It is hard to believe the stylish VW Karmann Ghia was released in 1955.
The svelte coupe was a sensation back then and it remains so today.
The smoothly styled, low slung lines have a timeless quality.
The car looks very much like a river stone that has been polished smooth by the flow of water.
What is not so well known about the Karmann Ghia is that its design was based on the 1953 Chrysler D’Elegance dream car.
The automotive legend is that Virgil Exner, Chrysler’s design boss, asked Italian car design company Ghia to style and build a fully operational dream car.
A quarter scale clay model was crafted in Detroit and shipped to Ghia who turned it into a full size car on a shortened Chrysler New Yorker chassis.
Wherever the car was shown it attracted strong attention, so Chrysler ordered Ghia to build 40 of them.
Trouble was, that for a whole lot of financial and logistical reasons — only the first one was ever built.
Meanwhile, VW decided it needed a little image boost and asked Ghia to design —wait for it — a two-door coupe using the humble VW Beetle platform.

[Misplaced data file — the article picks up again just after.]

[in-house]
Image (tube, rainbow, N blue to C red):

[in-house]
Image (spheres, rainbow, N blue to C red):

And so the folks at Ghia had an idea: “let’s use the Chrysler design!”
With Exner’s quiet blessing the outcome was essentially a scaled down D’Elegance.
The stylists at Ghia gave it two “nostril” grilles for visual effect, the VW bosses said “make it so”, and production started in the Karmann factory in Germany in 1955.
Virgil Exner was gifted the first Karmann Ghia imported into the USA by VW, so draw your own conclusions.
Sales in the USA were double initial expectations.
It was priced keenly and advertised as a VW with style.
Over 450,000 Karmann Ghia coupes and convertibles were sold worldwide during its 19-year production run, including in Australia. They are now highly collectible.
David Burrell is the editor of retroautos
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